I recently saved A house from foreclosure in a very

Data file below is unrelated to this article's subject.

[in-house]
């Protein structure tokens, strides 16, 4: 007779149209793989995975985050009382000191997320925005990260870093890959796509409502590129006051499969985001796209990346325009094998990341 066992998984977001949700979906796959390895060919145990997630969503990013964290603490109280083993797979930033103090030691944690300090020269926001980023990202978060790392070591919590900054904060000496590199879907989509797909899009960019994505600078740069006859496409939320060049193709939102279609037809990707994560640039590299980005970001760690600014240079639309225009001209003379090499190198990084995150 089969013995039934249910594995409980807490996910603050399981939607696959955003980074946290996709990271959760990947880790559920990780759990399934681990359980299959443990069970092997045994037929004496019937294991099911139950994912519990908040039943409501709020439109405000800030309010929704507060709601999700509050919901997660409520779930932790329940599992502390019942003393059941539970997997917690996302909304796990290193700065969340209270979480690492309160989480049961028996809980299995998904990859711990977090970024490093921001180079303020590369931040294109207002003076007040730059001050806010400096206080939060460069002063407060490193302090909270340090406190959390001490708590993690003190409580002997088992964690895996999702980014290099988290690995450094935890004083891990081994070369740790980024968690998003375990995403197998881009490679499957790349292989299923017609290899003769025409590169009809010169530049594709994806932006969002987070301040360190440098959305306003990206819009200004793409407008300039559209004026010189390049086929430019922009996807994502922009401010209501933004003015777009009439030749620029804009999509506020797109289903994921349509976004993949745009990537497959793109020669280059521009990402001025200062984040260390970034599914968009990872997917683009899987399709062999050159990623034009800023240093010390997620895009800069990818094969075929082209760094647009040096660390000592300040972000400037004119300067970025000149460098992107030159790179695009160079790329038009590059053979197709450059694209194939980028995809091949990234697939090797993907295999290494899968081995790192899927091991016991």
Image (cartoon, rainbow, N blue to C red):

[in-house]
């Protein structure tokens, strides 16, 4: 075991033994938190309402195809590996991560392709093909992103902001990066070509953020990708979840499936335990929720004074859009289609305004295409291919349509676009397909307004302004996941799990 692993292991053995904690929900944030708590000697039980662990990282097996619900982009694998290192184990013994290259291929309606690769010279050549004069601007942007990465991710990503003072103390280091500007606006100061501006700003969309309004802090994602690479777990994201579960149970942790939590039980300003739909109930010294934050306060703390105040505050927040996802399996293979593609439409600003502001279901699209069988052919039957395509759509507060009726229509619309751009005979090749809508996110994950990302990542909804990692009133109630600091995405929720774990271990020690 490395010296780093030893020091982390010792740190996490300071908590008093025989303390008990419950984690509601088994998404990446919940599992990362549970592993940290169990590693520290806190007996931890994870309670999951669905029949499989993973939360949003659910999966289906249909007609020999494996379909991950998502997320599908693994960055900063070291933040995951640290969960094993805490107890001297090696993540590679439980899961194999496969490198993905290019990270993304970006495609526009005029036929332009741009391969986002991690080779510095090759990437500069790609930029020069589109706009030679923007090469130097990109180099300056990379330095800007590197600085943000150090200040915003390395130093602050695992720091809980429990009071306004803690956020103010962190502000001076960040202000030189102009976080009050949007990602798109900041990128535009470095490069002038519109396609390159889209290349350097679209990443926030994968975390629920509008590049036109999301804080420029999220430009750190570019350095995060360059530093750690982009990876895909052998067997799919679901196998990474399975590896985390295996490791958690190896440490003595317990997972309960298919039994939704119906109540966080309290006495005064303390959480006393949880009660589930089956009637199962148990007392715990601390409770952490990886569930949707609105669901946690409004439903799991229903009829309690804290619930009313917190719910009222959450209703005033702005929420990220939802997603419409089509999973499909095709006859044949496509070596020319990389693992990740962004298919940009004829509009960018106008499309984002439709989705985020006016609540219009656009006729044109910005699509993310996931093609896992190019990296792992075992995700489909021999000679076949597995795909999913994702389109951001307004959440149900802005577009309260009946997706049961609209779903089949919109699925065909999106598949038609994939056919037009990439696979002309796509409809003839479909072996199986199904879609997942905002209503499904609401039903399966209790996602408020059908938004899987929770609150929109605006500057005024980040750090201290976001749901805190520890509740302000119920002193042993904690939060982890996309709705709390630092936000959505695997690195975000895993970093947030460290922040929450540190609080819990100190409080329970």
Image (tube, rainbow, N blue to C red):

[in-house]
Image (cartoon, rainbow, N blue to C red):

I recently saved A house from foreclosure in a very expensive Chapter 11 bankruptcy. I had no problem debt other than the loan on a rental property on which arrears had accumulated. I'd been told the arrears would be rolled into the modified loan I was applying for under Making Home Affordable's HAMP 1 program. I had re-applied for 6 years, always with Bank of America, or the loan servicer to which BofA had handed the loan off in Year 4, requiring new copies of out-dated documents. I was not rejected until the new loan servicer said in Year 5 that my income was inadequate. They had determined it to be about half what it really is.I hired a lawyer, and he got them up to 80% of my real income, which they also rejected, and then finally, he got them to verify my entire gross monthly income of slightly over $10,000/month. In an exquisite Catch-22, they then declined my application for inadequate income, but a later explanation made me question that. They set a foreclosure sale date and managed to arrange things so that I didn't know I had thirty days to appeal. (I can fault my lawyer here. He knew, but didn't think to tell me. They had informed him by telephone, which was improper, and which meant that there was no letter he could forward to me.) I immediately complained to CFPB. I said that the process had been artificially delayed so that my arrears became too great for HAMP 1.The loan servicer responded to CFPB's request that they address my concerns. They repeated that my income was inadequate. To demonstrate that, they showed how they had calculated the allowable arrears, which is not derived from my income. The real reason they declined my application was excessive arrears. They found that they were not allowed to put enough of the current amount owed into the forbearance/balloon to yield a balance that HAMP 1 said I could afford. Well, they should not have been so helpful, because whoever wrote the unsigned letter revealed that they were doing the calculation wrong. HAMP 1 said they could put 30% of the capitalized unpaid principle balance into forbearance, but they had calculated 30% of my original balance (the one I had when I began applying for HAMP 1). That made a big difference, because by then my arrears were nearly half the size of the original balance. They also didn't do the last part of the HAMP process, which was to extend the loan term, if necessary, to create smaller payments (and incidentally much higher amounts paid over the life of the loan). I became curious about this, wondering if this had only been done in my case. Data from the US Treasury showed that this loan servicer had the very lowest HAMP approval rate of all the servicers they tracked. They approved only 12% of HAMP applications. I then found data on Bank of New York Mellon's investor site that showed that any loans they did modify were modified without any adjustment to the loan term. The 2006 tranches all had maturity dates in 2036, the 2007s in 2037, etc. Unless they calculated my allowable forbearance by hand, I assume that they did it wrong for all borrowers, because it would have been built into whatever software they used to determine the net present value of a modified versus unmodified loan.If a fraud examiner were brought into a class action suit against this loan servicer, do you think she or he would find some nicely smoking firearms? Are you familiar with any litigation over matters like these that would supply optimism for a borrower like me? I went through far more than was necessary to get my interest rate dropped from 6.375% to 4%. I couldn't re-fi in 2012 or 2013 because my inflated balance was still too high, and by then the arrears were sky high, too.Additional atrocities attached. The long and short of it is that my HAMP applications were not handled honestly, which I think amounts to fraud. Do you?